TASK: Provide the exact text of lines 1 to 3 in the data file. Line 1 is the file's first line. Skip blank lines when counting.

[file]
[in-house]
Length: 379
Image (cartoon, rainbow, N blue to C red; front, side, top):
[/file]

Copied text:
[in-house]
Length: 379
Image (cartoon, rainbow, N blue to C red; front, side, top):